(Id. at 14, 20, 22, 25, 27, 28).2 Defendants then filed the pending Motion, which requests a more definite statement and argues the Complaint is a shotgun pleading.

II. Analysis

"A defendant served with a shotgun complaint should move the district court to dismiss the complaint pursuant to Rule 12(b)(6) or for a more definite statement pursuant to Rule 12(e) on the ground that the complaint provides it with insufficient notice to enable it to file an answer." Paylor v. Hartford Fire Ins. Co., 748 F.3d 1117, 1126-27 (11th Cir. 2014) (footnotes omitted). Furthermore, courts are under an independent obligation to order a repleader when faced with a shotgun pleading. McWhorter v. Miller, Einhouse, Rymer & Boyd, Inc., No. 6:08-cv-1978-Orl-31KRS, 2009 WL 92846, at *2 (M.D. Fla. Jan. 14, 2009) (citing Byrne v. Nezhat, 261 F.3d 1075, 1133 (11th Cir. 2001)).

The Eleventh Circuit has "identified four rough types or categories of shotgun pleadings": (1) "a complaint containing multiple counts where each count adopts the allegations of all preceding counts . . ."; (2) a complaint that is "replete with conclusory, vague, and immaterial facts not obviously connected to any particular cause of action"; (3) a complaint that does "not separat[e] into a different count each cause of action or claim for relief"; and (4) a complaint that "assert[s] multiple claims against multiple defendants without specifying which of the defendants are responsible for which acts or omissions, or which of the defendants the claim is brought against." Weiland v. Palm Beach Cty. Sheriff's Office, 792 F.3d 1313, 1322-23 (11th Cir. 2015).

Although the Complaint here does not impermissibly incorporate every preceding allegation into each Count (in fact, not a single Count contains a paragraph incorporating earlier allegations by reference), the Complaint is nevertheless a shotgun pleading. For instance, Count I is brought under two federal statutes—42 U.S.C. §§ 1983 and 1985— and attempts to assert claims under four Amendments to the United States Constitution, as well as referencing the Constitution of the State of Florida. Simply put, Count I is a hodgepodge of potential claims and constitutes an impermissible shotgun pleadings.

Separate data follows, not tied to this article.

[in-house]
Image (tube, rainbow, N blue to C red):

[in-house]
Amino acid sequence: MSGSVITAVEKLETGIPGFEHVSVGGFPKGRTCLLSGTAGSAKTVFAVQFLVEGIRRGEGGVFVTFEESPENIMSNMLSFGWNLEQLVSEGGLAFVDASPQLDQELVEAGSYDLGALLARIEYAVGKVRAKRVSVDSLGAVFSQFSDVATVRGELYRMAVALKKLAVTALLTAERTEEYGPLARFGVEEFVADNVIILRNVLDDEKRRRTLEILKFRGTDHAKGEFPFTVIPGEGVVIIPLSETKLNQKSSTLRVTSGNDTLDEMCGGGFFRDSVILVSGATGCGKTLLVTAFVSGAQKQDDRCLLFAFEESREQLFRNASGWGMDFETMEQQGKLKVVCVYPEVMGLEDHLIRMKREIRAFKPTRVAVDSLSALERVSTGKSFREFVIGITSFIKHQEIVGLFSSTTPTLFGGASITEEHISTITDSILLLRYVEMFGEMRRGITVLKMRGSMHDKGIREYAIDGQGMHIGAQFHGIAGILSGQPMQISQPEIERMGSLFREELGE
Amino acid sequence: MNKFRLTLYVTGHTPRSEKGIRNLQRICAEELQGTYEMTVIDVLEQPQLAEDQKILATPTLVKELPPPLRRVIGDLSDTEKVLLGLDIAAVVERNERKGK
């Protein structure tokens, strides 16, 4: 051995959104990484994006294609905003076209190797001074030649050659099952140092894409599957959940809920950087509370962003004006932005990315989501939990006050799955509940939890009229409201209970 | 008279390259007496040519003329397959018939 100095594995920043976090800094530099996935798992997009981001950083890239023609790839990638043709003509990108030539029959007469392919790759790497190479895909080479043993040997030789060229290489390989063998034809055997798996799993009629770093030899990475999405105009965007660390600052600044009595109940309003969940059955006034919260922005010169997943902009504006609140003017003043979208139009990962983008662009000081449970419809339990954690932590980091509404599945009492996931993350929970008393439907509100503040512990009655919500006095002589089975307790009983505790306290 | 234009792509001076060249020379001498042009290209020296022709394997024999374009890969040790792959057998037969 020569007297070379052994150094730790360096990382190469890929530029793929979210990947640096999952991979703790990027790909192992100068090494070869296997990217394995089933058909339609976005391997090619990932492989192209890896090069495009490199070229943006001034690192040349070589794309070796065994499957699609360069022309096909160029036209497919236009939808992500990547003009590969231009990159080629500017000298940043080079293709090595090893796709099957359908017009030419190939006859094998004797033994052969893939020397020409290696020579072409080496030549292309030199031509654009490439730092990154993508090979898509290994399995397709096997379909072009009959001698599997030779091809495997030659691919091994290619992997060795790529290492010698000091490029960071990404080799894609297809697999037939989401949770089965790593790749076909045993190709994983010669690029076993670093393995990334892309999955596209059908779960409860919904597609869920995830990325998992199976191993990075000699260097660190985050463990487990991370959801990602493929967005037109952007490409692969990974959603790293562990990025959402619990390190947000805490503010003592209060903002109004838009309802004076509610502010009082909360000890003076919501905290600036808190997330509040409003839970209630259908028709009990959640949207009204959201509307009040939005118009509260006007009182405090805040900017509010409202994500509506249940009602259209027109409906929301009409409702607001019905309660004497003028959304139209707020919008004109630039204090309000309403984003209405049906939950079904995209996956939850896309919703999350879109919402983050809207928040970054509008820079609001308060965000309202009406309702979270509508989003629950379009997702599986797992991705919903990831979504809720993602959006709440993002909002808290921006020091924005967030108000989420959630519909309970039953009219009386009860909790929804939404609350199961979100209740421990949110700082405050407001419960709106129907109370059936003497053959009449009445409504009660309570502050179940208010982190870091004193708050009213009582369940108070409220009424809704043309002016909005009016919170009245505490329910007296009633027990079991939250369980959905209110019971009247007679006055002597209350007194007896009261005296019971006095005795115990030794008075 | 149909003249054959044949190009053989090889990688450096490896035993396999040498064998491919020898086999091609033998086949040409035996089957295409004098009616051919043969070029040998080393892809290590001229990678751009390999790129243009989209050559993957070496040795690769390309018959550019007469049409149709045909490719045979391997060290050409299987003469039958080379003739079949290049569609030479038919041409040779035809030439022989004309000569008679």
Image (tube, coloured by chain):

As parenthetically referenced above, none of the Counts explicitly incorporate any of the allegations listed under the header "Allegations Common to All Counts"; rather, the reader of the Complaint is left to infer incorporation. Assuming for the sake of argument such inferential incorporation is sufficient, then irrelevant allegations are incorporated into certain Counts. For example, Paragraph 30 alleges how "[t]he police interfered" with Warren's docking arrangement with a local businessman. But, whether the Defendants interfered with Warren's docking arrangement is irrelevant to establishing, for example, a claim of false arrest or of malicious prosecution. See Ortega v. Christian, 85 F.3d 1521, 1525 (11th Cir. 1996) (noting basis of a section 1983 claim); Abdullah v. Osceola Cty. Sheriff, No. 6:14-cv-629-Orl-40TBS, 2015 WL 5915818, at *3 (M.D. Fla. Oct. 8, 2015) (listing elements of malicious prosecution claim).